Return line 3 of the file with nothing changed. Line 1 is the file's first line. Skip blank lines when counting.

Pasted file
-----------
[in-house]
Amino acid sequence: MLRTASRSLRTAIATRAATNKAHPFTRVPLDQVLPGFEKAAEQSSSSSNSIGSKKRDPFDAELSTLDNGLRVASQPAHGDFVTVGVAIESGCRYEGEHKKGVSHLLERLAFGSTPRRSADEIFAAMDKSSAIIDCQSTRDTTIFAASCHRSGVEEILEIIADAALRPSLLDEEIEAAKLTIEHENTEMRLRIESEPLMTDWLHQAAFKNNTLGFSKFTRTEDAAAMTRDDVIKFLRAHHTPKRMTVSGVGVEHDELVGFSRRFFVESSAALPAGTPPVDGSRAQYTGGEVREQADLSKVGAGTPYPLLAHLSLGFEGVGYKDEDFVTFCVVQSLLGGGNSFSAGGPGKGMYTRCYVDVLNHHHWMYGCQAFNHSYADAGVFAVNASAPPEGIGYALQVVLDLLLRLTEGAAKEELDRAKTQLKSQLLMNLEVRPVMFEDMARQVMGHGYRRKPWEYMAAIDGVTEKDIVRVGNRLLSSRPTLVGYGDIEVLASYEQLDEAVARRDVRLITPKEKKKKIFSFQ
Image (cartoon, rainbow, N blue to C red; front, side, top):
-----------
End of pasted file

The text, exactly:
Image (cartoon, rainbow, N blue to C red; front, side, top):